The murder itself is also worthy of mention due to its unique nature. The dogs we’ve seen in Columbo up to now have been almost entirely of the cute and cuddly persuasion, so it’s quite a novelty to see some truly terrifying killing machines baring their fangs. Indeed, I attribute my lifelong wariness around dobermans to having seen How to Dial a Murder at an early age. I’d certainly never say ‘Rosebud’ in earshot of one, just in case…
I wonder, too, whether How to Dial‘s murder method was an influence to Thomas Harris when he used an eerily similar technique – only with killer pigs – in his book Hannibal as a prospective fate for Dr Hannibal Lecter. His arch-villain in that book was one Mason Vergere. Coincidence? Surely not. If you’re reading this, Thomas, fill us in on your secret Columbo fandom!
Elsewhere, it’s good to see two rising stars of the televisual world given roles here: namely Kim Cattrall and Ed Begley Jr. As the fragile psychology student Joanne Nicholls, 21-year-old Cattrall has long referred to this as a breakthrough role for her on her journey to Sex & The City mega stardom via Mannequin and Star Trek VI.
Spurned by Dr Mason, she’s in very real danger of becoming his third victim towards the end of the episode as his hands rest on her throat while he warns her against ever telling anyone about the affair between Dr Hunter and Mrs Mason. She has a very lucky escape when Columbo comes a-knocking.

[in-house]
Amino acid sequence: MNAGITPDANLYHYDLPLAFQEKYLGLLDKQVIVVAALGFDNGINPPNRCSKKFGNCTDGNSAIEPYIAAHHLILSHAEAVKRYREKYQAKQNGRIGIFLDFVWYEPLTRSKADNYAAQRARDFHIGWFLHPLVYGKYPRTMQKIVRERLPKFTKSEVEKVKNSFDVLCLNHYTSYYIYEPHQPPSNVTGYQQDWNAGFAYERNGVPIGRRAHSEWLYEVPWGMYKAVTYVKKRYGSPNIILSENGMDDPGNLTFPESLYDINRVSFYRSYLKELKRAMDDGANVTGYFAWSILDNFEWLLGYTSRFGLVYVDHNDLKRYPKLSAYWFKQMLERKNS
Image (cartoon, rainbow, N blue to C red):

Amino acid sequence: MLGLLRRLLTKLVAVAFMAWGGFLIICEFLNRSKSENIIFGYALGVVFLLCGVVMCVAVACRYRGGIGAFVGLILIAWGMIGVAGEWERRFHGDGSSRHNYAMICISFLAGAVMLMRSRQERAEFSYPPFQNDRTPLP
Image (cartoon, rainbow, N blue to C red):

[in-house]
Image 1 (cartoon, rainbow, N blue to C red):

It is a rather odd relationship between Mason and Joanne, mind you. She has developed a romantic attachment to him, but he’s not interested – perhaps another example of Mason sadistically gaining pleasure through control of another being. Interesting, too, that Mrs Mason apparently sanctioned Joanne’s move into the guest house. Perhaps she was too occupied by romping with Dr Hunter to care that a bikini-clad hottie was eyeing up her husband…?
Begley Jr, meanwhile, in the small role as Officer Stein, is notable in that he is one of only two Columbo guest stars to be cast as both a police officer and a murderer in different episodes. He would return as Irving Krutch in 1994’s Undercover, joining Dabney Coleman in the exclusive club after the latter starred as a sergeant in 1973’s Double Shock and a murderous attorney in 1991’s Columbo and the Murder of a Rock Star.
We must also not overlook the presence of the lovable ‘Dog’, who adds a splash of fun to an otherwise largely humour-free episode when Columbo queries whether the basset hound has what it takes to become a guard dog capable of protecting Mrs Columbo while the Lieutenant works night shifts.
Predictably the slovenly mutt doesn’t seem cut out for such a life, instead preferring to give Columbo a good old licking when urged to ‘kill’ in what is a lighthearted foreshadowing of the episode finale.
How to Dial a Murder is also a loving nod towards the golden age of cinema, playing ample homage to comedy great WC Fields, Citizen Kane, classic horror flicks and more through Mason’s collection of movie memorabilia. The irony of it all is that Mason, for all his focus on mental control, can’t resist feeding his addiction by picking up a baby spotlight that will ultimately doom him, the silly boy. Perhaps he doesn’t practice what he preaches?